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Etching Specifications (copyright) - Laser Etching Process

The following images are magnified photographs of the cross-section of the laser path in black granite taken with a scientific microprobe. This study was conducted exclusively for Forever in Stone by Dr. William MacDonald, Geology Professor, and William Blackburn, Microprobe Specialist - both from the Geology Department of Binghamton University, Binghamton, New York. We thank them and acknowledge their contribution to the research into architectural applications of laser etched stone.

All images copyright protected - Dr. William MacDonald 2002
   


The images are seen by the microprobe in an 'upside down' orientation. In order to read Dr. MacDonald's notations, we show them in this orientation.
Laser Etching Process:

What is laser etching? The laser Etcher transfers an image from the computer into material of all kinds such as stone, glass, mirror, wood, certain plastics, and so on.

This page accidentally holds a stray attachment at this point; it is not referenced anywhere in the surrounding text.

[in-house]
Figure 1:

How is this image embedded into the surface? With industry BLACK GRANITE, the laser actually super-melts the surface of the stone, forming on oval trench that has been measured with a scientific microprobe to be 14 microns deep. The laser throws up a ridge above the trench that is another 14 microns high. This makes a total etching that is 28 microns deep! The repeated small ovals of trenches make up the matrix of the photographic image. For every time the laser fires, a trench is dug into the surface and through the polish of the stone. This polish can not be replaced. The material that was thrown up around the trench cools and can not be noticed beyond a very slight texture - yet it adds to the etched surface depth.

Marble doesn't super-melt in the same manner as granite, but is 'eroded' away by the laser as fine marble dust. The polished surface is also broken, as it is in granite, and can not be replaced. Marble can scratch over time and is recommended for home usage, wall murals, and accent pieces. Marble produces an incredibly detailed rendering of the photograph.

All stone is a natural product that contains irregularities, fissures, various particle sizes - no stone is exactly the same as another! This adds to the character of customized stone design elements.


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